The American Council for an Energy-Efficient Economy (ACEEE) conducted its first-ever awards project for exceptional state-led energy efficiency programs, modeled after previous projects focusing on utility programs. As new funding sources become available to states through federal stimulus, cap-and-trade initiatives, and other state and federal sources, state governments are stepping forward and taking on greater responsibilities implementing energy efficiency programs. The report highlights many leading states that have been running energy efficiency programs for decades, as well as programs recently developed with new sources of funding.
The robust new resources in all states and their rapid pace of deployment demands up-to-date, quality data and information about exemplary programs. In response to this need, our project has two main objectives: (1) to provide information about top quality state energy efficiency program designs and implementation methods to help others improve their programs or serve as models for new programs and initiatives; and (2) to recognize programs that are exemplary in reducing energy use and energy costs through energy efficiency, and providing economic benefits to customers and taxpayers.
After a nomination period from January through February 2010 in which ACEEE accepted nominations from programs administered by state institutions, an expert panel examined the field of nominations and decided on five award winners, ten honorable mentions, and three emerging programs. The winners come from every region of the country and represent numerous useful models for energy efficiency program implementation. The programs address many sectors including residential, commercial, institutional, industrial, agricultural, and transportation.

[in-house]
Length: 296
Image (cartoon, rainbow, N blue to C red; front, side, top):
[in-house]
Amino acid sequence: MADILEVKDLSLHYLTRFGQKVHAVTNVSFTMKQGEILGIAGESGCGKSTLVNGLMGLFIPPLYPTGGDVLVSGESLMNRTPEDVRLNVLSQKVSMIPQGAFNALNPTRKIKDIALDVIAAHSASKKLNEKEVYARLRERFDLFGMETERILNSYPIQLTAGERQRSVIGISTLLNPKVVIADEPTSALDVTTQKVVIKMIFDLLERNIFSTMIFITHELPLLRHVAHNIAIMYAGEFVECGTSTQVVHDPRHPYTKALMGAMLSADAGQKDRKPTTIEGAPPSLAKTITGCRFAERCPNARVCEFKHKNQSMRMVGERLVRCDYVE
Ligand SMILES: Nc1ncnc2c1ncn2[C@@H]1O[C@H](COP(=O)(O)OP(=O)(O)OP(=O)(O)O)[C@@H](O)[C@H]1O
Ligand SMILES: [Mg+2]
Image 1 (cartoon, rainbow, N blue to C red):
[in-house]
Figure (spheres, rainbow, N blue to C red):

While the programs differ in their approach, they all achieve substantial energy savings for customers, lowering energy costs and reducing the negative environmental impacts of energy use. Some programs deliver training and informational services that will lead to energy savings indirectly. Each program highlights how state governments can implement successful energy efficiency programs and complement the existing program landscape offered by utilities and third-party program administrators. States can address sectors and customer segments underserved by utilities. In particular, states often specialize in programs targeting institutional facilities such as state government buildings. Many of these programs demonstrate collaboration between public and private stakeholders, serving as models for effectively coordinated and highly leveraged programs.